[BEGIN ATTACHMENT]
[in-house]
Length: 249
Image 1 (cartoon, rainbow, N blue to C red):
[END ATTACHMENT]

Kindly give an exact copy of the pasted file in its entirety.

[in-house]
Length: 249
Image 1 (cartoon, rainbow, N blue to C red):